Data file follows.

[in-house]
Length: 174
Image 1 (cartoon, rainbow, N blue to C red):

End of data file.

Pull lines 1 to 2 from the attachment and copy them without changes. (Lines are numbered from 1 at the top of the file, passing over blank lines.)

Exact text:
[in-house]
Length: 174